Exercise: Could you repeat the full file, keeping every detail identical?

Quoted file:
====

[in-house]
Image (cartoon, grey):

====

[in-house]
Image (cartoon, grey):